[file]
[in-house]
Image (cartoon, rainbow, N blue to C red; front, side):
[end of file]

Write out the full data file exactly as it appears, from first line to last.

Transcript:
[in-house]
Image (cartoon, rainbow, N blue to C red; front, side):